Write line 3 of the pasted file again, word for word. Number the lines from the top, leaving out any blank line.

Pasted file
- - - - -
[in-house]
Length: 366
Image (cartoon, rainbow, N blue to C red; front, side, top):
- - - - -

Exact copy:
Image (cartoon, rainbow, N blue to C red; front, side, top):